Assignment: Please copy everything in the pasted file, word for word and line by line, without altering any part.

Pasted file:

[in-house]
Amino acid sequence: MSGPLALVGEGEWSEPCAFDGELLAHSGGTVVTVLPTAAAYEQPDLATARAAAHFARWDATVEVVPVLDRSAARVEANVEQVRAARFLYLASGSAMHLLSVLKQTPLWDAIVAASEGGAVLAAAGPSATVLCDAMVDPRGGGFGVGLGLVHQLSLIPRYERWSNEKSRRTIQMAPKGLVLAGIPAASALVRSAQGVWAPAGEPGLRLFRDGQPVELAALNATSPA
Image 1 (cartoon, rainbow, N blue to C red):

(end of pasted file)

[in-house]
Amino acid sequence: MSGPLALVGEGEWSEPCAFDGELLAHSGGTVVTVLPTAAAYEQPDLATARAAAHFARWDATVEVVPVLDRSAARVEANVEQVRAARFLYLASGSAMHLLSVLKQTPLWDAIVAASEGGAVLAAAGPSATVLCDAMVDPRGGGFGVGLGLVHQLSLIPRYERWSNEKSRRTIQMAPKGLVLAGIPAASALVRSAQGVWAPAGEPGLRLFRDGQPVELAALNATSPA
Image 1 (cartoon, rainbow, N blue to C red):